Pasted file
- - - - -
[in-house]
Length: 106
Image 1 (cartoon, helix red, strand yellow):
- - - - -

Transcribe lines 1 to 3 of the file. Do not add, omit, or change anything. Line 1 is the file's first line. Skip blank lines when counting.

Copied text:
[in-house]
Length: 106
Image 1 (cartoon, helix red, strand yellow):